What's really attractive about this poem is its individual energy. It's based on a Miroslav Holub poem and isn't dwarfed by it, because Luke has made the idea his own. I'm left with a personal account of someone obsessed by cricket, uneasy about homework. I like the subtlety of the rabbit, too. And the bike. The "spelling mistake" is interesting, with a whole line to itself.
The poem could maybe do with another draft, to ease the formality left over from the translation. For instance, "There's a monster that can't be found" seems more in keeping with Luke's own voice. I'm not keen on poems that justify to the centre - which is a pattern given by the word-processor rather than by hearing where the line breaks should be. And is "sparkling" the right word? But even so, it's an outstanding poem.
A Boy's Head
In it there is a cricket match and a project for bringing a rabbit to life.
And there is a bike, that shall not be beaten.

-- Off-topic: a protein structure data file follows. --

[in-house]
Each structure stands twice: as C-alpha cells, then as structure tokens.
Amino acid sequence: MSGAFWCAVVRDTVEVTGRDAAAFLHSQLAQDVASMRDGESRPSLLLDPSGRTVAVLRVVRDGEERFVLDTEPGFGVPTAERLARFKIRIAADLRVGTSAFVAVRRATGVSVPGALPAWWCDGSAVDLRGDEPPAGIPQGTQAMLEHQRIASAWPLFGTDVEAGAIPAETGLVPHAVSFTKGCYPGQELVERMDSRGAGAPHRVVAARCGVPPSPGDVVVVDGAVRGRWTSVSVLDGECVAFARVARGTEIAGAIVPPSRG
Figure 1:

And there is a sparkling new cricket ball a sparkling new stump a sparkling new cricket bat.
There is a monster that cannot be found.
There is everlasting homework.
There is a spelling mistake.
I believe that only what cannot be put together is a head.
Luke O'Hanlon, aged 11, receives 'The Poetry Book', edited by Fiona Waters (Orion). Submitted by Mr D C Price of The Latymer Preparatory School, west London, who receives a set of Poetry Society posters with teacher's notes. Please send poems to 'The TES', Admiral House, 66-68 East Smithfield, London E1 9XY. Ann Sansom is writing tutor at Doncaster Women's Centre and is a part-time lecturer at Sheffield Hallam University. Her collections include 'Romance' (Bloodaxe)